Originally Posted by kaiser_soze
But, your argument is specious.
Nope, but I'm afraid yours is sophistic.
As for the headphones, I mostly listen through a pair of Sennheiser HD580. As for the particular Sennheiser headphones in the post to which you replied, that pair happens to be a DJ model and not one of their best. The closed back has the single advantage of noise isolation, to the detriment of sound quality. The air spring effect can be used to good effect if and only if the driver itself is over damped so as to avoid a high Q resonance. And even in that case, there will still be a cavity resonance, i.e., standing waves set up between the back side of the diaphragm and the wall in back. These are the reasons that Sennheiser's better headphones always have been open back and always will be open back.
Thanks, I'm sure I'd never heard of issues of acoustics & resonance before. Did you know room acoustics are subject to similar issues? :roll eyes: Or is your argument that the person talking about his Sennehisers can't hear the difference because they're 'not one of their best' and just DJ models? (Yet presumably better than the ear buds that come bundled with the phone/pod.)
But as for your comments, the analogy to display resolution and bit depth and so on is always one that is easy to make. But it and of itself it does not prove anything at all. And the comparison with imaging is a bogus comparison for a fundamental reason. With any image, it is always potentially possible to display it on a display with greater pixel resolution, and for this reason there is always a potential advantage for using greater quantity of pixels in the image file. But bit depth is another matter. It translates into the amount of fine variation in brightness, hue, and saturation. There is inherently a limit to the ability of human vision to detect these differences. To keep it simple, consider the case of grey scale. Initially as you increase the bit depth, the brightness of the reproduced image gets closer and closer to the original, i.e., is neither whiter nor blacker than the original. But at a certain point, the human eye simply can no longer perceive the difference. Double the bit depth and scan and encode again, and you cannot tell any difference at all between that copy and the previous one, or between either and the original. Common sense tells you that eventually this will happen. It is not a question of whether it will happen. It is only a question of what the bit depth has to be, in order for this to happen. And once you have reached that point and are entirely certain that you have reached that point, there is absolutely no reason to increase the bit depth of the scan any further. It is the same with audio encoding, and even with perceptual encoding.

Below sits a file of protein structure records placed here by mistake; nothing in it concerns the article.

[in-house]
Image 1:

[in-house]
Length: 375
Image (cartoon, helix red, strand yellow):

Ummm... yes, it was an analogy, not a proof. I find find pictures difficult to listen to. But as for your comments, you're essentially spending a lot of energy explaining that infinite resolution isn't needed because at some point we can't perceive it? No kidding?
The question of whether perceptual encoding can be indistinguishable from the original is a moot question. The only question that is even worth considering is what amount of compression, given a specific encoding scheme, can be tolerated without introducing some artifact by which any listener would be able to hear any difference between that recording and the original. IF you are entirely certain that the bit rate that you have used is perfectly adequate such that no person could every detect any difference between that recording and a non-lossy recording with arbitrarily high quantization rate and word size, then there is no discernible reason to use a higher bit rate. Because, IF it is true that no one can hear then difference, THEN it is true that no one can hear the difference. The only meaningful, valid questions are what people can and cannot hear. To dismiss all perceptual coding techniques in the manner that manner people do is equivalent to asserting that it is not possible, using a perceptual coding technique, to make a recording that no person would be able to recognize as different from a master using arbitrarily high quantization rate and word size. It is manifestly ludicrous to suggest that this would be the case, yet this is precisely what people are in effect asserting when they criticize perceptual encoding categorically. It is logically preposterous.
"IF it is true that no one can hear the difference, THEN it is true that no one can hear the difference." Jesus, seriously? What a bit of pedantic tossing. To summarize: infinite resolution isn't needed and at some point people can't hear the difference between compressed and uncompressed. Astonishing.
The original argument was whether the lossy low-bit-rate encodings used for PMPs are so good that nobody can tell them from the high res audio that's out there. I've heard the difference, so I'm going to go with no, they're not that
good. Unfortunately you haven't actually helped to resolve whether that's the case or where that point may be.I
want access to the higher res audio for home, while the lower bit rate on my phone is good enough for on the go. Apparently I shouldn't want the better sound because infinite resolution is too much? What!?!?